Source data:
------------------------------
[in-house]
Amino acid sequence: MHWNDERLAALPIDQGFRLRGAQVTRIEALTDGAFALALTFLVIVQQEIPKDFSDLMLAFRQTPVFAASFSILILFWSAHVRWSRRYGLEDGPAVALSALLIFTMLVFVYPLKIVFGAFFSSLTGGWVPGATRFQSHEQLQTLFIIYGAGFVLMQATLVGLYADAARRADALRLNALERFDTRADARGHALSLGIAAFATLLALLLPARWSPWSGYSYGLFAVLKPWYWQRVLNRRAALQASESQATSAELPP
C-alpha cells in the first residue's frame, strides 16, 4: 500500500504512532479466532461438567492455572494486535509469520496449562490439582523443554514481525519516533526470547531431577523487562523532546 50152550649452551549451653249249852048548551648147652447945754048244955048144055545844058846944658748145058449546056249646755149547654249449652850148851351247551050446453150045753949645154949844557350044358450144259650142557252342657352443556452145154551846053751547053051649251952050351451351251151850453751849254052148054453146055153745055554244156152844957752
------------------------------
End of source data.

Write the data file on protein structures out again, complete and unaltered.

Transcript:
[in-house]
Amino acid sequence: MHWNDERLAALPIDQGFRLRGAQVTRIEALTDGAFALALTFLVIVQQEIPKDFSDLMLAFRQTPVFAASFSILILFWSAHVRWSRRYGLEDGPAVALSALLIFTMLVFVYPLKIVFGAFFSSLTGGWVPGATRFQSHEQLQTLFIIYGAGFVLMQATLVGLYADAARRADALRLNALERFDTRADARGHALSLGIAAFATLLALLLPARWSPWSGYSYGLFAVLKPWYWQRVLNRRAALQASESQATSAELPP
C-alpha cells in the first residue's frame, strides 16, 4: 500500500504512532479466532461438567492455572494486535509469520496449562490439582523443554514481525519516533526470547531431577523487562523532546 50152550649452551549451653249249852048548551648147652447945754048244955048144055545844058846944658748145058449546056249646755149547654249449652850148851351247551050446453150045753949645154949844557350044358450144259650142557252342657352443556452145154551846053751547053051649251952050351451351251151850453751849254052148054453146055153745055554244156152844957752